“Do we have to stay the whole time?” “It’s so nice out, can’t you let us go early?” “The doors aren’t locked,” I tell them. “Leave if you think you must. But understand that your choices have consequences.” If you can pass the tests without the information I’m giving you (I’ve yet to meet anyone who has been able to.), I’ll not waste your time. If you don’t care about your grades or the content of the class (a more likely scenario), don’t waste my time. It’s worse when they attend and don’t want to be there. They read (other material, usually magazines), surf the internet, talk to their neighbors. I’d rather you just left. Don’t disrespect me or your classmates.

“I tell you, not one of those who were invited will get a taste of my banquet” (Luke 14:24, NRSV).

I took my home school high school team to the district Odyssey of the Mind competition this weekend. Odyssey of the Mind is an extra curricular activity that promotes creative thinking and problem solving. It was our first year competing. They’ve worked hard at the competition. I wasn’t able to be with them all the way, but part of the requirement is that they do their own work. They can’t receive “outside assistance.” There are penalties assessed for receiving help from anyone who  is not on the team. 

The Team placed first in the district. We now have to decide if we’re going on to the state competition. I hadn’t actually planned for us to make it that far. I assumed we were competing against teams that had done OM for years; knew what they were doing and how to compete. I told one mother that my goal for the team is that they not embarrass themselves. They certainly didn’t. 

I’m very proud of this group of young people. They performed admirably.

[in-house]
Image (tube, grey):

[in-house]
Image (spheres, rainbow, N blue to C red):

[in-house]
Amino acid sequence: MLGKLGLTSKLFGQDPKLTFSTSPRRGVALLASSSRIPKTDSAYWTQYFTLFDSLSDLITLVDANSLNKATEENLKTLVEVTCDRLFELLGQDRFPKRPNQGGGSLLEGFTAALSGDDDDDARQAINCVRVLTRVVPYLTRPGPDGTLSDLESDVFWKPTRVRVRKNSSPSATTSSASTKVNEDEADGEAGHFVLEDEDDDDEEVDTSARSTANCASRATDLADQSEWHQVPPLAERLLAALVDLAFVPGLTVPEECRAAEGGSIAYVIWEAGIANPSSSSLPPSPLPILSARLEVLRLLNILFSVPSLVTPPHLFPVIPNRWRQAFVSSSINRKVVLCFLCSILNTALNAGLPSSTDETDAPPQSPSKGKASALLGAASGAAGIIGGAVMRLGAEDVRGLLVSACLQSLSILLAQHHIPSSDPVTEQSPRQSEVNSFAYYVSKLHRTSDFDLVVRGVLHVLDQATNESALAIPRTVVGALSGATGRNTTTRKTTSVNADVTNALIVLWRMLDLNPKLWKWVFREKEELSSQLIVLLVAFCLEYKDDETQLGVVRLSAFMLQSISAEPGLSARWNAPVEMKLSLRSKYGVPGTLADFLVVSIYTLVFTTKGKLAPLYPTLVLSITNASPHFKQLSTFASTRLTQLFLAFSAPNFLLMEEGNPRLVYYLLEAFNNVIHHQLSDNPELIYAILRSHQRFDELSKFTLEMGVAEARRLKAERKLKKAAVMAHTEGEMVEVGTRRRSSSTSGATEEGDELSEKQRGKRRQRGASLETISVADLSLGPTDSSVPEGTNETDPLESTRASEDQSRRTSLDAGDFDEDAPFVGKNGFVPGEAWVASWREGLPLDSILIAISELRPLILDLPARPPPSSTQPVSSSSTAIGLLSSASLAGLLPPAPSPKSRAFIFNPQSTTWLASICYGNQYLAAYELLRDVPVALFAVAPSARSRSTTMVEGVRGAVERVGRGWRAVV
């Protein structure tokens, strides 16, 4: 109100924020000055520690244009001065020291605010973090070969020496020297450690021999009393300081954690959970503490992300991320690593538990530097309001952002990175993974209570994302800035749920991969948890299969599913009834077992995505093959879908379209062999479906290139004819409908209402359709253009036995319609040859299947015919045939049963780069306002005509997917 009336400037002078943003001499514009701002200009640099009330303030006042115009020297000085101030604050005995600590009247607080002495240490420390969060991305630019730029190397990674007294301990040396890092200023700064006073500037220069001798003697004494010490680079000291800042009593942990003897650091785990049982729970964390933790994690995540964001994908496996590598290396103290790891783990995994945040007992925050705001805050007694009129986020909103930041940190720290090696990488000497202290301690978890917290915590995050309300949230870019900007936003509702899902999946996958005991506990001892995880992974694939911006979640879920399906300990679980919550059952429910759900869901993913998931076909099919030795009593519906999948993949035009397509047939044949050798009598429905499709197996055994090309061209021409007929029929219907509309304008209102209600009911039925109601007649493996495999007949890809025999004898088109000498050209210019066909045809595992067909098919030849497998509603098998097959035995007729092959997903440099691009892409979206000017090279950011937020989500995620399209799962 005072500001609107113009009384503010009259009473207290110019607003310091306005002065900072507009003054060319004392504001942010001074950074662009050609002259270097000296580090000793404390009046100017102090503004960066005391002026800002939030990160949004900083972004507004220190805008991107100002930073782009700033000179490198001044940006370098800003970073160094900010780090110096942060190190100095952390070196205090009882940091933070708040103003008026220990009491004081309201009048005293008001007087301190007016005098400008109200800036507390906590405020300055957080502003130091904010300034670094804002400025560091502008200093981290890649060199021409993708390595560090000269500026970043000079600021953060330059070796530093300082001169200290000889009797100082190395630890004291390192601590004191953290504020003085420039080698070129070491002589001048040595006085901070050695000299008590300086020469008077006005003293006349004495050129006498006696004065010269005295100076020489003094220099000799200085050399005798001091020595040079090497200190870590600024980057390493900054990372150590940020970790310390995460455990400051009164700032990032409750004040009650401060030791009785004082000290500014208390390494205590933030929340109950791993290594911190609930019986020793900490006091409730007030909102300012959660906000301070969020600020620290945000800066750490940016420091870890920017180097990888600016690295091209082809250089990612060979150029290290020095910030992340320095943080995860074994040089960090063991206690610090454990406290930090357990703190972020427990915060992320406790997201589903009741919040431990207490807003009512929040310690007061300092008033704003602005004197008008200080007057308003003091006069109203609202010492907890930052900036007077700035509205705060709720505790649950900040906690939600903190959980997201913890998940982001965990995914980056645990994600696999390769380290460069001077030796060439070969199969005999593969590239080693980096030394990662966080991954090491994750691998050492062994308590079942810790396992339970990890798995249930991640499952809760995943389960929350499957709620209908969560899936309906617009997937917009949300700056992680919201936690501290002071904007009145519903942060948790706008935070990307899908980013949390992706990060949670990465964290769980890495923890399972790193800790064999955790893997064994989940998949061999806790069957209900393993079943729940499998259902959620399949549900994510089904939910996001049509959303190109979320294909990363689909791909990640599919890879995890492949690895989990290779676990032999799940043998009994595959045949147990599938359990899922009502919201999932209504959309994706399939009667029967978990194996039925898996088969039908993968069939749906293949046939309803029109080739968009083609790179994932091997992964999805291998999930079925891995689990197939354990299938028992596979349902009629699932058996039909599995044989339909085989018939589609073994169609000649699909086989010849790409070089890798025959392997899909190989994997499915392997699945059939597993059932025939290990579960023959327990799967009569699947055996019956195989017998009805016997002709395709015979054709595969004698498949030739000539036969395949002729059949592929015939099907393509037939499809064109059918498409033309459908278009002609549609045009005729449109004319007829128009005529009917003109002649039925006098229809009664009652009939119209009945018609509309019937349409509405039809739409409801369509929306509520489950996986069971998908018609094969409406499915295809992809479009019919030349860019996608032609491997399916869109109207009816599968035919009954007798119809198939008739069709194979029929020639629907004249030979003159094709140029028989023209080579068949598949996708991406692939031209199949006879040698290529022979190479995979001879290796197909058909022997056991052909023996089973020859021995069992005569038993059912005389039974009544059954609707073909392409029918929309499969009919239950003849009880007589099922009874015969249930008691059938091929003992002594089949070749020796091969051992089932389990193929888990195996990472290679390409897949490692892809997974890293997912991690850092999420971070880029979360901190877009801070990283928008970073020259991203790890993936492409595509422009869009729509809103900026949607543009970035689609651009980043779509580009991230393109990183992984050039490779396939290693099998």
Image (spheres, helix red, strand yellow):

On Friday evening I began teaching Introduction to the New Testament at the local community college. I believe this is the seventh year I’ve taught this class. This is the first time I’m teaching it as a hybrid; half the class will be physically in class and the rest online. I’ve never taught an online class. I’ve never taken an online class.

It’s taken a while to convert my two classes to this new format. After all that work, the first class, Introduction to the Old Testament, didn’t make. Not enough students registered to make it worthwhile for the college to offer it. The college had some problems registering students at the beginning of the semester. They were using new software and it crashed the system the first week. I’m hoping this is the reason the first course didn’t make. The second class is full. I didn’t have all of the students who registered show up the first weekend, but I did have my largest class yet. Evidently, this mixed format of in person and online is popular. I think I’m going to like it. It gives some new possibilities for interaction with students, and everyone has to participate.

I wake up early on Sunday mornings. Usually around 4:00, 4:30 I get up, get a cup of tea, and sit down with the sermon for that day. I spend some time going over it in my mind. Checking notes. Adding comments. I’ll look over the Bible lesson, too. If I have time I’ll turn on the TV and watch some other preachers. We don’t have cable, so this is about the only day I find them on.

I’m troubled by what I often hear. There are some I can listen to longer than others, but there is a good bit that I don’t find biblical. Sure, they quote Scripture in their sermons, but they’re not reading it the way I’m reading it. They’re finding things there that don’t match my understanding or my experience.